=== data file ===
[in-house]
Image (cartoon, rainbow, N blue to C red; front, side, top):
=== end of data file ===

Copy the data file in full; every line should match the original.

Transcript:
[in-house]
Image (cartoon, rainbow, N blue to C red; front, side, top):